Introduction Stroke is a common disorder of the central nervous system, often with secondary or associated neuromuscular manifestations. Stroke-related neuromuscular manifestations include peripheral neuropathy, myopathy, and dysautonomia. They occur in diseases that directly affect both the central and peripheral nervous system, and in diseases that affect only the central nervous system but have secondary neuromuscular changes. This chapter will review primary as well as secondary neuromuscular manifestations of stroke. Neuromuscular manifestations in diseases affecting both the central and peripheral nervous system These disorders affect the arterial or venous system of the brain or spinal cord and of peripheral nerves or muscles. They cause cerebral or spinal infarction or hemorrhage as well as ischemic, inflammatory, or metabolic neuropathy or myopathy. They include infective endocarditis, various vasculitides, drug abuse, aortic dissection or aneurysm, antiphospholipid syndrome, and genetic or hereditary conditions such as mitochondrial disease, Fabry's disease, and neurofibromatosis.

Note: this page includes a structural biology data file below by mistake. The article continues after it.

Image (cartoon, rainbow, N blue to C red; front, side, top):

|Original language||English (US)|
|Title of host publication||Stroke Syndromes|
|Subtitle of host publication||Third Edition|
|Publisher||Cambridge University Press|
|Number of pages||7|
|State||Published - Jan 1 2012|
ASJC Scopus subject areas